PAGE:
The Dutch pension asset manager's Asia Pacific head of real estate says his team has just had one of its busiest years ever and that 2021 is looking similarly promising.
For the next nine months, the new index, officially launched on 22 January, will run parallel with the Malaysian bourseÆs existing Kuala Lumpur Sharia Index (KLSI). According to Bursa Malaysia, the KLSI will be officially deactivated 1 November 2007, with the new index projected to provide superior liquidity and transparent ground rules than its predecessor.
The indexÆs components will be drawn from the FTSE Bursa Malaysia EMAS Index, which will then be liquidity screened and free float weighted by FTSE. This process will ensure the index is suitable for the creation of index-linked funds, derivatives and exchange traded funds (ETFs).
The constituents of the new index also have to pass MalaysiaÆs Securities CommissionÆs Sharia Advisory Council (SAC) screening methodology and will be reviewed by an independent committee twice a year. Under these guidelines, companies on the EMAS sharia index cannot include financial services based on riba or interest, gambling, conventional insurance, tobacco manufacturers or sellers and stock brokers in non-sharia compliant securities amongst other industries.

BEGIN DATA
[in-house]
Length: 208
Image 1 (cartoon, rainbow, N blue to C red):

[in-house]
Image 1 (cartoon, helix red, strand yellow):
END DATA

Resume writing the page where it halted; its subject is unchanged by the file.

At face value, compliance to Sharia principles discounts some of MalaysiaÆs most liquid companies such as Maybank, British and American Tobacco (BAT) and Genting from consideration. But the indexÆs top 10 constituents include other recognisable large-cap companies, including Telekom Malaysia, Tenaga Nasional, MISC, Sime Darby and Maxis Communications.
ôThe new index provides investors with a clearer picture of quality sharia investments in the Malaysian market,ö says DatoÆ Yusli Mohammed Yusoff, CEO at Bursa Malaysia. ôIt uses globally adjusted criteria that make it easier for institutional investors to track our sharia-compliant investment offerings more effectively.ö
The launch of the new index will also provide an important step to creating more Islamic products in Malaysia, which may include the introduction of Islamic structured products in the near future.
Over the past few years, sharia funds have taken off in Malaysia. Although numbers for actual assets under management vary from source to source, Malaysia now boasts over 45 straight Islamic equity funds and around 20 balanced Islamic funds. As of April 2006, Bursa Malaysia also comprised of 871 sharia-compliant securities.
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